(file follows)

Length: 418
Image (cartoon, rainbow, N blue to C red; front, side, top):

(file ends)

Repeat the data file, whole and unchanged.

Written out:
Length: 418
Image (cartoon, rainbow, N blue to C red; front, side, top):